Perception of alcohol intoxication shows acute tolerance while executive functions remain impaired.Exp Clin Psychopharmacol 2010; 18(4):329-39EC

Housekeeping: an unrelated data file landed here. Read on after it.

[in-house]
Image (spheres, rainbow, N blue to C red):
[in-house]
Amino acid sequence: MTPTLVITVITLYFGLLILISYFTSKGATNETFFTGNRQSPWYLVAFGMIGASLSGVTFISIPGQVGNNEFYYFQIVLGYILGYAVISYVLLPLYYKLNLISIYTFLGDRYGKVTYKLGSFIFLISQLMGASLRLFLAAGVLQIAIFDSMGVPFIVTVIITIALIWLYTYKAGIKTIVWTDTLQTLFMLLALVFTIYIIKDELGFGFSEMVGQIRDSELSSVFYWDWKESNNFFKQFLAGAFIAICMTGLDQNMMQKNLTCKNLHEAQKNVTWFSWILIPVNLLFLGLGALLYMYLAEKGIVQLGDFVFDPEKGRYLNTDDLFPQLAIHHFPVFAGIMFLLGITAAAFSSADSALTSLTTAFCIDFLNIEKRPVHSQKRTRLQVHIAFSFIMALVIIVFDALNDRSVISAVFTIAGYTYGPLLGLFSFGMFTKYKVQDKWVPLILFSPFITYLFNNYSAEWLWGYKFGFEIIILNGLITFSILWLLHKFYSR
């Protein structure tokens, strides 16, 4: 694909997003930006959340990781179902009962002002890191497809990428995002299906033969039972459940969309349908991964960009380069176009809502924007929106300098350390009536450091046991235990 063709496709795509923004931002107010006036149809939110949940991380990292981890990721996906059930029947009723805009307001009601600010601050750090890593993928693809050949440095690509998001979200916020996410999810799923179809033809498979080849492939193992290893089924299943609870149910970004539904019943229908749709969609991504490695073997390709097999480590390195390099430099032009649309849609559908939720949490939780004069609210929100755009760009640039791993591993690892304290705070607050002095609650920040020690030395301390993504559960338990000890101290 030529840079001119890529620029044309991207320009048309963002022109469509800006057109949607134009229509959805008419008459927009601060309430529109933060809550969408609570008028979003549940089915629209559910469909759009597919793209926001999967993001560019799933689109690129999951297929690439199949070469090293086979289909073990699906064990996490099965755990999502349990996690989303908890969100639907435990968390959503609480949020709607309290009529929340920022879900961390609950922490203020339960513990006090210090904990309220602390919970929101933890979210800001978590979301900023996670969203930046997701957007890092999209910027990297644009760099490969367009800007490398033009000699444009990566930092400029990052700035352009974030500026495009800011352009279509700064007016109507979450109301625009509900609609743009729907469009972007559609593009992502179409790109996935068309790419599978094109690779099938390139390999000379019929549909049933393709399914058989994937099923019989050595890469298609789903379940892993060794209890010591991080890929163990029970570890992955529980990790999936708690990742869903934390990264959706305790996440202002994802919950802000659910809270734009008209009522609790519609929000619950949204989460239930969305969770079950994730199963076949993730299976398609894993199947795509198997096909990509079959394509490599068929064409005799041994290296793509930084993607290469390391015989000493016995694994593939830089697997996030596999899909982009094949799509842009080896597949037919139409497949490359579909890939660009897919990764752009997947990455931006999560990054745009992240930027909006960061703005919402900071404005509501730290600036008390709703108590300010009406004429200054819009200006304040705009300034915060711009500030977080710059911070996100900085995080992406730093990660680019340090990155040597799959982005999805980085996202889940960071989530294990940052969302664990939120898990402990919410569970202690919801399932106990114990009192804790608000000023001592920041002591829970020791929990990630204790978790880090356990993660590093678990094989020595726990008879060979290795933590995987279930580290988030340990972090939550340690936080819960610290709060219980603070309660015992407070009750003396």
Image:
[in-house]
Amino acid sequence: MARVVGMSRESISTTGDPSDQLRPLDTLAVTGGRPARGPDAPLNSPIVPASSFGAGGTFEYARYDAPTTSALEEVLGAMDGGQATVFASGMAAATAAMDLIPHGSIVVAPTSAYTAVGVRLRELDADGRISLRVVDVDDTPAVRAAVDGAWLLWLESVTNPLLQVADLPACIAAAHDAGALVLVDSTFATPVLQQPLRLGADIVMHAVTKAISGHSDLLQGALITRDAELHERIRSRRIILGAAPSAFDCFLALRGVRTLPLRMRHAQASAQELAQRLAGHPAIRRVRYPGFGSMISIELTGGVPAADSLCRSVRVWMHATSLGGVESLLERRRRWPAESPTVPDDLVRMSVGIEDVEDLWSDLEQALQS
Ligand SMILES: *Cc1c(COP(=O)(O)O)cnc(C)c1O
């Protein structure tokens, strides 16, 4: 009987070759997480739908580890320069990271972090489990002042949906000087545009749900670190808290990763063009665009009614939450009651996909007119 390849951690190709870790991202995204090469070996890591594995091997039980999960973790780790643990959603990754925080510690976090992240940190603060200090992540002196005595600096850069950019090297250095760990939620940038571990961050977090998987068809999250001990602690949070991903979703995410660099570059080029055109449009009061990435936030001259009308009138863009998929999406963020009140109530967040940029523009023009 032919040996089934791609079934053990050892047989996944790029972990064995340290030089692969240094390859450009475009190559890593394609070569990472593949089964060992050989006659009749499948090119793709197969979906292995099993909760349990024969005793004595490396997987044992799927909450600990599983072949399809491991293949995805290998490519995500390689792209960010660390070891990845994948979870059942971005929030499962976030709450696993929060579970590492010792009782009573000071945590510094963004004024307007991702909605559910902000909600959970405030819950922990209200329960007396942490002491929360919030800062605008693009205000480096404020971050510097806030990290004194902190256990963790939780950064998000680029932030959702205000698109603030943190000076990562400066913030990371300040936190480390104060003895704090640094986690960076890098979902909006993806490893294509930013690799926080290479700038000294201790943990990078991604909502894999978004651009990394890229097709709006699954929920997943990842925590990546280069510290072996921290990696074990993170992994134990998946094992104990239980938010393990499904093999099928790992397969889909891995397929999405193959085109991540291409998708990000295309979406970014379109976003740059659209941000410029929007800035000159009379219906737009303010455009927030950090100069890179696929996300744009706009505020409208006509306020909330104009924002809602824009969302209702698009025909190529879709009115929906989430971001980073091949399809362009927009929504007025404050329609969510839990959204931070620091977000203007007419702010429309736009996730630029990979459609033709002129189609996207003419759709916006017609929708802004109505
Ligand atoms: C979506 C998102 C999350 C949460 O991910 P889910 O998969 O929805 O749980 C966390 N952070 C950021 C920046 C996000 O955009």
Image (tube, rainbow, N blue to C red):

Several psychological constructs (e.g., subjective perception of intoxication, visuomotor speed) display acute tolerance to alcohol, that is, show improvement at declining blood alcohol concentrations (BACs) relative to equivalent rising BACs. However, methodological challenges emerge when attempting to make such comparisons across limbs of the BAC curve, which have proven a barrier to advancing research on acute tolerance. To date, no studies have made multiple comparisons across the entire BAC trajectory. This study employs experimental procedures that overcome some of these difficulties, offering a clearer picture of recovery of impairment for subjective perception of intoxication and cognitive performance and the relationship between them. Twenty participants were assessed at multiple time points over 2 days. Continuous subjective perception of intoxication ratings and cognitive data derived from a computerized measure were paired with a novel analytic paradigm, which allowed comparisons at identified BACs. Results showed acute tolerance for individuals' subjective perception of intoxication and for performance on cognitive tasks measuring visuomotor speed and learning efficiency (recovery from impairment). In contrast, performance on measures of executive function and short-term memory showed no significant difference between limbs at exact concentrations (no recovery from impairment). Therefore, despite participants feeling less intoxicated over time, many cognitive functions remained impaired. The implication for these findings in terms of drunken driving behavior are substantial, suggesting that people may be likely to drive once they subjectively perceive that they have recovered from the acute intoxicating effects of alcohol, despite the persistence of "higher order" cognitive impairments.